But here I am, enjoying the rare freedom of a blocked-off thoroughfare. I hadn’t known about this street fair when I drove in to the city. But having checked into my hotel and set out for one of my open-eye rambles, I quickly joined the mass of people wandering past booths of clothing and ethnic food.
Cities and airports always provoke the same question in my mind: How does God keep track of all these people? And here, in New York, with its diverse population, my wonder is amplified. So many lives. So many stories. So many joys and sorrows.
I have begun to re-read the book of Exodus with a commentary in my devotional times. The pace of the narrative in the first few chapters is brisk – so fast that there’s no explanation of how the people of Israel went from living and working in Egypt to becoming slave labor.
But after quickly picking up the thread of Moses’s life and following him into exile, the narrative pauses and pulls back for the big picture view.
“… the people of Israel groaned because of their slavery and cried out for help. Their cry for rescue from slavery came up to God. And God heard their groaning, and God remembered his covenant with Abraham, with Isaac, and with Jacob. God saw the people of Israel—and God knew. (Exodus 2:23–25)
That last line is so powerful: God saw… and God knew.
On the way home from church earlier in the day, I photographed this goat on a farm by the road. (This is my life: rural goats in the morning, 6th Avenue in the afternoon.) It’s a poignant picture. But God had more than just a snapshot of his people’s slavery. He saw the brutal treatment. He heard their cries. And he knew – not just a distant acknowledgement but an empathetic connecting.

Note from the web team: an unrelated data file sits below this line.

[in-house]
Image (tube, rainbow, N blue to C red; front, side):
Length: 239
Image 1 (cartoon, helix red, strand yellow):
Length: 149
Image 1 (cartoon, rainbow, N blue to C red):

Though they were unaware at the time of their ardent prayers for help, God had a plan to redeem them – to pull them out of slavery (“pulling out” is a literal translation of Moses’s name) into a land he had prepared for them.
On the ground, it’s easy to lose the vertical perspective. News reports tell us of daily tragedies around the globe. The lie of God’s indifference is easy to believe at times. But God sees. God knows. And he has already enacted a plan to pull us out of our slavery to selfishness and sin through the death and resurrection of his Son.
Today, when I look up in this great city, I will be reminded of all that.
He sees. He knows. He has enacted his plan.
Lord, we can’t fathom how you can be aware of all the pain and need in this broken world. We’re overwhelmed just by the superficial skimming of the morning news. Thank you that you are not only noticing, but you are acting to break the chains of sin and slavery. Use us as a part of that plan today.